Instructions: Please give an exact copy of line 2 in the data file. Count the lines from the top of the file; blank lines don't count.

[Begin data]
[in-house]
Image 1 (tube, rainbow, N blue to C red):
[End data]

Image 1 (tube, rainbow, N blue to C red):